Let's Stay Together - Rolling Stone
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Let’s Stay Together

Al Green, from Forrest City, Arkansas, has risen from obscurity to fame with a rapidity that is astonishing even by the standards of the mercurial music industry. His unusually expressive voice, and the simple, spare arrangements of producer Willie Mitchell, fit together with the kind of seamless perfection that characterized the Redding/Cropper collaboration. Green’s records sound like they were bound to happen; for the listener who digs soul music, the fact that two-and-a-half million people have bought the single version of “Let’s Stay Together” can only be the icing on a very tasty cake.

The flexibility of Green’s voice is something to marvel at. He can croon, shout, scat, rise to the smoothest of falsettos, and throw in the funkiest growls, all in the course of a single tune. A debt to Sam Cooke, and to Otis Redding, is evident from time to time, but Green’s overall approach, his particular sound, is consistently his own. The fact that he writes or cowrites most of his material, and gets such sympathetic backing from the Memphis musicians who work at Hi, helps explain the flow and unified feeling of both his albums, but still one suspects that only Green could have pulled it off.

Al Green Gets Next To You is a damn-near-perfect LP, a funky LP, and for all its diversity a consistent LP. The new album is even more homogeneous, somewhat mellower; and the title tune dominates it in the same way “Satisfaction” dominated Out of Our Heads. The comparison is made even more apt by the fact that London Records, Hi’s parent company, has sold as many copies of “Let’s Stay Together” as they sold of “Satisfaction.”

The only problem with making a single that achieves the status of an instant classic is making an album that doesn’t sound shallow by comparison. The Let’s Stay Together LP fares far better than the majority of albums built around single hits. In fact, the first side, which begins with the Monster, manages to maintain a steady groove and a high level right on through to the last cut, “Old Time Lovin’,” which has a warm, enveloping vocal and some of the best chop-rhythm guitar this side of heaven.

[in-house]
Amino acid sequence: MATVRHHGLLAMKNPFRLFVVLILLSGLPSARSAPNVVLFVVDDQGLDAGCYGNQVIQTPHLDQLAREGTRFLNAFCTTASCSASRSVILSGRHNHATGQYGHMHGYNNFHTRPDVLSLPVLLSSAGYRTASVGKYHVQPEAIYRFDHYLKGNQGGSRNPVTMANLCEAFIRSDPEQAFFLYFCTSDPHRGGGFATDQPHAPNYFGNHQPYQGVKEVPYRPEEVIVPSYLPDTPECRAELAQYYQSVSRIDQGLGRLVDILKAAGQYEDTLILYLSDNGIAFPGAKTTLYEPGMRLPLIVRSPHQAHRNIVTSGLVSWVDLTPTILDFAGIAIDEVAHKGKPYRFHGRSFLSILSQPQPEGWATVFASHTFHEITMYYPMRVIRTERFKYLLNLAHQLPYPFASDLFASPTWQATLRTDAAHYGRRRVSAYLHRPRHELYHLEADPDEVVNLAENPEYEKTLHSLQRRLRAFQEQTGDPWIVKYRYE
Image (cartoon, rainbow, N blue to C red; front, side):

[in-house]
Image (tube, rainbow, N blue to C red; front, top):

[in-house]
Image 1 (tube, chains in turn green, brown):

The second side has one of the album’s very best songs, Green’s “It Ain’t No Fun To Me,” which starts out like a funky blues and builds into a steamrolling shouter that won’t quit. It also has the album’s only disappointing cut, a six-minutes-plus version of the Bee Gees’ “How Can You Mend a Broken Heart.” Green sings it beautifully, and the string arrangement is tasteful and as minimal in its way as the understated playing of the Hi studio band. But the song is extended to the point where its mellowness becomes a kind of slow nod into unconsciousness, and what started out sounding like sweet soul music leaves a burnt metal aftertaste of muzak. This in itself isn’t so bad; what’s scary is that the press release accompanying the album plays the song up as if it were the highlight of the set.

If this song is the beginning of a trend in Al Green’s music, away from the soulfully mellow and into the laid-back banal, then it’s an instance of a trend that seems particularly endemic to the Memphis scene. Both Sun and Stax built their reputations on a series of country-simple records that sold precisely because they were so much more vital, visceral, and pure than anything the competition had to offer. In both cases, the companies went downhill when they adapted the excesses of the competition they had so recently superceded. In order to keep their essentially simple formulas from starting to sound like the same old thing, they added strings, brass arrangements, and vapid material from the hit parade, and expanded their operations to the point where a distinctive one-studio, one-band sound could no longer be maintained. The point is that it was not only the connoisseur listeners and hard-core fans who suffered; the companies and their artists suffered economically as well.

Happily, it hasn’t happened to Al Green and to Hi Records, at least not yet. Their position in the vanguard of a new resurgence of Memphis music is both enviable and almost frighteningly exposed. The world will be watching to see whether the Green/Mitchell team can deliver new treasures, and go on to even greater successes, without sacrificing the just-right balance, the purity, the unity of Green’s first two albums. Meanwhile, Let’s Stay Together is, like its predecessor, an indispensable treat.

In This Article: Al Green


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